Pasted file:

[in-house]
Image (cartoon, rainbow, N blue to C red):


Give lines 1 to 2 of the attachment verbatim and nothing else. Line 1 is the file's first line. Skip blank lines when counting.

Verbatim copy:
[in-house]
Image (cartoon, rainbow, N blue to C red):